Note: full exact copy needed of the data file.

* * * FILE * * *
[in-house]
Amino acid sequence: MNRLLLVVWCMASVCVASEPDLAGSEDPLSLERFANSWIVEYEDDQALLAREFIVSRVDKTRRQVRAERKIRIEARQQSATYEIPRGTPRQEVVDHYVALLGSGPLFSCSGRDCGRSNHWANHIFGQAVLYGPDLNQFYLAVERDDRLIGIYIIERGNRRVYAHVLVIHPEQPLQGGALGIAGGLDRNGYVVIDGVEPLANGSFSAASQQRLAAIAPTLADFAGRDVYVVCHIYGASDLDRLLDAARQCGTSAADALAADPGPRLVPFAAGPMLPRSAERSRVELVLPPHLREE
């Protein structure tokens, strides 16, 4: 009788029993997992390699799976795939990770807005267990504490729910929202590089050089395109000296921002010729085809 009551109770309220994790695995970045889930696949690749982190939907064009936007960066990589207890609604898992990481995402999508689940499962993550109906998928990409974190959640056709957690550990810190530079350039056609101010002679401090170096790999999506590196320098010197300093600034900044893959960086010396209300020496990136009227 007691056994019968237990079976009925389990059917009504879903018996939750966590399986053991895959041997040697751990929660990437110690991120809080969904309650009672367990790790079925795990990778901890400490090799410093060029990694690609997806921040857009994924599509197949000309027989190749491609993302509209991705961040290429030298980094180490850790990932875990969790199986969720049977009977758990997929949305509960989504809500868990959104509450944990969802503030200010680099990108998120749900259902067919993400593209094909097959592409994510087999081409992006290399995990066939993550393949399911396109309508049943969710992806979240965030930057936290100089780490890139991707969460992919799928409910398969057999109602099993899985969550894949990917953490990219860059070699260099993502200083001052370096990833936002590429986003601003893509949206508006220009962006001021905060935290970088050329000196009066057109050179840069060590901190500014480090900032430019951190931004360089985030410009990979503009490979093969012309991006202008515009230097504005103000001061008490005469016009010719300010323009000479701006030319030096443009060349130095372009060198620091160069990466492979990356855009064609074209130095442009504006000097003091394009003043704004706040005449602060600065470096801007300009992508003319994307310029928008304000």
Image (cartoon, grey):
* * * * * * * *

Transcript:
[in-house]
Amino acid sequence: MNRLLLVVWCMASVCVASEPDLAGSEDPLSLERFANSWIVEYEDDQALLAREFIVSRVDKTRRQVRAERKIRIEARQQSATYEIPRGTPRQEVVDHYVALLGSGPLFSCSGRDCGRSNHWANHIFGQAVLYGPDLNQFYLAVERDDRLIGIYIIERGNRRVYAHVLVIHPEQPLQGGALGIAGGLDRNGYVVIDGVEPLANGSFSAASQQRLAAIAPTLADFAGRDVYVVCHIYGASDLDRLLDAARQCGTSAADALAADPGPRLVPFAAGPMLPRSAERSRVELVLPPHLREE
């Protein structure tokens, strides 16, 4: 009788029993997992390699799976795939990770807005267990504490729910929202590089050089395109000296921002010729085809 009551109770309220994790695995970045889930696949690749982190939907064009936007960066990589207890609604898992990481995402999508689940499962993550109906998928990409974190959640056709957690550990810190530079350039056609101010002679401090170096790999999506590196320098010197300093600034900044893959960086010396209300020496990136009227 007691056994019968237990079976009925389990059917009504879903018996939750966590399986053991895959041997040697751990929660990437110690991120809080969904309650009672367990790790079925795990990778901890400490090799410093060029990694690609997806921040857009994924599509197949000309027989190749491609993302509209991705961040290429030298980094180490850790990932875990969790199986969720049977009977758990997929949305509960989504809500868990959104509450944990969802503030200010680099990108998120749900259902067919993400593209094909097959592409994510087999081409992006290399995990066939993550393949399911396109309508049943969710992806979240965030930057936290100089780490890139991707969460992919799928409910398969057999109602099993899985969550894949990917953490990219860059070699260099993502200083001052370096990833936002590429986003601003893509949206508006220009962006001021905060935290970088050329000196009066057109050179840069060590901190500014480090900032430019951190931004360089985030410009990979503009490979093969012309991006202008515009230097504005103000001061008490005469016009010719300010323009000479701006030319030096443009060349130095372009060198620091160069990466492979990356855009064609074209130095442009504006000097003091394009003043704004706040005449602060600065470096801007300009992508003319994307310029928008304000």
Image (cartoon, grey):